Hibiscus Flower Tea Bag


Botanical NameHibiscus sabdariffa

Common Name:

  • English:  Jamaican Sorrel
  • Ayurvedic: Ambashtthaki.
  • Also, known as: Semparuthi, Hibiskus Mei gui qie, Shan qie zi, karkade,Oseille de Guinee, Hibiscus, Roselle, Sabdariffa-Eibisch, Karcade; Roozera, Rosela, Vinagreira, Rosa de Jamaica, Hawaiian Hibiscus,and shoeblack plant, Shoe Flower, Roselle, Natal Sorrel, Red Sorrel, Sivappu Kashmakki, Pulichai-keerai, Gogu, Seemai, Kaseru, Laal-ambaadi, Patavaa,Patsan, Sembaruthi,  China rose, Hawaiian hibiscus, shoeblackplant, Gul-e-Gurhal, Rose mallow, and Chinese hibiscus

Origin:  Egypt

Harvested: Cultivated

Parts Used: Flower                                                             

General Information:

The genus Hibiscus includes more than 300 species of annual or perennial herbs, shrubs or trees. An erect annual herb grows up to 5-8 feet tall with lobed leaves and white or yellow flowers with dark centers. The fleshy red sepals are surrounded by an outer row of bracts. The leaves are alternate, 5-10 cm long, green with reddish veins and long or short petioles. The leaves of young seedlings and upper leaves of older plants are simple; lower leaves are deeply 3-7 lobed; the margins are toothed. Flowers, borne singly in the leaf axils, are up to 10 cm wide, yellow or buff with a rose or maroon eye, and turn pink as they wither at the end of the day. At this time, the typically red calyx, consisting of five large sepals with a collar of 8-10 slim, pointed bracts around the base, begins to enlarge, becomes fleshy, crisp but juicy, 3-5 cm long and fully encloses the velvety capsule, 1-2 cm long, which is green when immature, five valved, with each valve containing 2-4 kidney-shaped, light-brown seeds, 2-4 mm long and minutely downy. The capsule turns brown and splits open when mature and dry. The calyx, stems, and leaves are acid and closely resemble the cranberry in flavor. Seeds are mostly directly sown into the fields but plants can also be grown from transplanted seedlings or even cuttings.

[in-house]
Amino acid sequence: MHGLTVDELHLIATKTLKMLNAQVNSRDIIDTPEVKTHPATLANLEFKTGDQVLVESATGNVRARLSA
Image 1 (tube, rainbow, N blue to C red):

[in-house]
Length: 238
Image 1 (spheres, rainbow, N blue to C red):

Tea and various cold drinks are very popular in African and Latin American countries. The seeds are eaten roasted or ground in meals, while the leaves and shoots are eaten raw or cooked, or as a sour-flavored vegetable or condiment but its main use is as a natural food color and sweet-sour flavor in herbal teas. In some countries the leaves are eaten green or dried, cooked with onions and groundnuts, while the cooked leaves are eaten as vegetables as well. The seeds are roasted or ground into a powder and used in meals, such as oily soups and sauces. Hibiscus is one of the most key species grown commercially as a fiber plant and became increasingly important in India after independence and partition with Pakistan, where the most key jute growing areas are. It is used as jute, additional in making clothing, linen, fishing nets, ropes, and similar products.

How to use:

Hot Infusion:

The basic method for dried herbs and flower is, take 2-3 tablespoons of dried herb in a cup or teapot. Pour hot water over it and cover it with lid for 10-30 minutes. Hot water is needed to draw out the antioxidants, enzymes, vitamins, flavonoids, and volatile oils from the botanicals. Strain and squeeze out as much as liquid as possible and enjoy!


  • You can sweeten your herbal tea with a bit of honey, natural fruit juice, stevia leaves powder and or licorice root powder.
  • You can make ice cubes or pops by freezing tea in ice trays or pop molds.


You should consult with a qualified healthcare practitioner before using any herbal products, particularly if you are pregnant, nursing, or on any medications.

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This information has not been evaluated by Health Canada.

This information is not intended to diagnose, treat, cure, or prevent any disease.